As the federal government continues to fumble in its efforts to establish a long-term financing strategy, state and local governments are being forced to take action to shore up crumbling infrastructure or face the consequences.
“As the federal government has struggled to get a highway bill for the long term, the states have had to bear the burden of trying to finance things to get that work done,” says Dennis Slater, president of the Association of Equipment Manufacturers. “What states are doing now is they’re passing their own funding and their own user fee increases to help finance roads. I think that’s going to continue until the federal government gets a long-term plan in place, and even after that I think the states will continue to invest.”
States and Communities Step Up
Examples of such investment are plentiful and growing, driven by both safety concerns and economic need. As Brad Crews, chief operations officer at CNH Industrial, pointed out during a joint I Make America/Dire States event at Case Construction Equipment’s Racine, WI, headquarters, infrastructure is the framework and organizational structure that supports society.
“Infrastructure has been a pillar of the American economy for literally centuries,” he stated. “It helps bring goods to market. It attracts new businesses... And it creates jobs, not only during the construction phase, but also sustaining jobs that come with the infrastructure and the surrounding economies.”
Evidence that initiatives at the state and local levels work is easy to find. Brian Weisbaum, dealer marketing manager for Case Construction Equipment and project manager for the Dire States Tour – a program initiated by Case to raise awareness and build support for infrastructure investment at the state and local levels – cites an example close to home. “In Black River Falls, WI, there is a small community of 3,600 people that realized the value of economic development of a local dam, and took out a federal loan for $10 million to fund the reconstruction,” he explains. “[The loan] has been paid off and they’ve actually generated a substantial amount of revenue specifically as a result of that project.”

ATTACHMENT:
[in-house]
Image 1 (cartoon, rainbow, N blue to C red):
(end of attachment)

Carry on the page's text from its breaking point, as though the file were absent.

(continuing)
Other examples can be found across the country. Weisbaum points to the state of Arizona, where the Water Infrastructure Finance Authority invested a $500 million capitalization grant from the U.S. EPA and turned it into $2 billion in funds to invest specifically in the state’s water-related infrastructure projects. He also cites grassroots efforts in Texas, where legislators hope to pass Proposition 1, an initiative that would transfer a $1.8 billion financial surplus generated by oil and gas revenue to the state transportation fund – all with no new taxes, tolls or debt.
Other efforts that will appear on November ballots include Constitutional Amendment 4 in Louisiana, which would create an infrastructure bank that offers low-interest loans to local governments to finance transportation projects; and amendments to the state constitutions in both Wisconsin and Maryland to ensure any transportation revenues generated actually go to funding transportation projects.
Keeping It Local
While federal funding initiatives are clearly needed to ensure long-term financial support of infrastructure development, such grassroots campaigns may be just what the doctor ordered to get meaningful work completed.
As Weisbaum notes, the average citizen may not know much about the details associated with the highway bill extension passed in August. “But what they do know is there is a significant deficit in the funds that are available for transportation infrastructure vs. what is actually going to be spent on that infrastructure in the next several years,” he indicates.
Drilling the issues down to the local level hits closer to home for most. “If you talk to the everyday citizen who isn’t familiar with the Highway Trust Fund, they’re very understanding of issues at hand on the local level,” says Weisbaum. “We can point to individual projects that are relevant to their towns and communities. And we’re able to show them that investment in this particular piece of infrastructure affects them not only at the state and local level, but at the national level, as well.”
As the groundswell of support grows locally, there’s hope that it will put pressure on federal legislators to come up with effective solutions of their own. “We’re very encouraged by the grassroots efforts and support out there,” Slater comments, “and we’re hoping the federal government can do the same.”